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July 6, 2012


BBQ Drip Tray

by BBQ Insanity

In this post we introduce the humble BBQ drip tray.  These are made from thin aluminium and usually come in packs of 5 or 10.  They are inexpensive and disposable, although I’ve found that I can generally get more than one or two uses out of them.

So what are they used for?   Most people will assume that they are used to hold food, and help in the cooking process.  Well, that’s true but in addition to being used on top of the barbecue cooking grate, the BBQ drip tray can also be used below it!  In this post, we show an example of this, where the BBQ drip tray is placed right next to the coals on the charcoal grate, below the cooking level.

This technique is popular when using the indirect method of cooking.  In later posts, we’ll be explaining in more detail what exactly indirect cooking on the barbecue entails, but for the purposes of this post, you just need to know it means that the food is not placed directly over the hot coals but to the side of them.

The picture to the left shows exactly what we are talking about.  As you can see the aluminium BBQ drip tray is quite battered already, that’s because I’ve used it several times before!  Whatever you are cooking, goes on the barbecue grate immediately above the drip tray, so that anything that does drip down is caught by the tray.    In the photograph below, you can see that I am cooking chicken pieces covered in a creamy marinade.    Of course this is going to cause a big mess, and the BBQ drip tray made the task of cleaning up afterwards much easier!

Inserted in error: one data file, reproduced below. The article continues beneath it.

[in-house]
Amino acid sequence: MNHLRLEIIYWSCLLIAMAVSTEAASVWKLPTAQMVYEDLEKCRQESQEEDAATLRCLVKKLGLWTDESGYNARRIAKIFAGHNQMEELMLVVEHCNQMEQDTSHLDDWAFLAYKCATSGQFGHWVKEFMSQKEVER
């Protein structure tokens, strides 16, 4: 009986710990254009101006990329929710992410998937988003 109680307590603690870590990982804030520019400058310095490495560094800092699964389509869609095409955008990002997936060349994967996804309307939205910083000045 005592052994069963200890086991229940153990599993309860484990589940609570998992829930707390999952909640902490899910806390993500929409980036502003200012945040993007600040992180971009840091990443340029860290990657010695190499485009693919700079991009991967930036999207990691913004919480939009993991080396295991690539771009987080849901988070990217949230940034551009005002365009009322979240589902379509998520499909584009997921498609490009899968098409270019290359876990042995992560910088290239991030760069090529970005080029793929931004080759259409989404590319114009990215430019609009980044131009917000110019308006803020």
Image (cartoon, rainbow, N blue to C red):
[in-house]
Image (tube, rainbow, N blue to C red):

The particular dish  is tandoori chicken. In future posts, I’ll be discussing the merits of marinading food for the barbecue as well as giving details of this particular recipe.  On this occasion, I was glad to have the tray to catch all that thick creamy sauce dripping off the chicken.

While you will get a few uses out of each aluminium tray, it won’t last forever.  I’ve noticed that after a few uses, tiny holes can appear in them, and depending on the weight of the food you put in them, they can bend and buckle under the weight and eventually tear around the edges.   But for catching drips from food, and keeping the bottom of the barbecue cleaner, an older aluminium tray is perfect.

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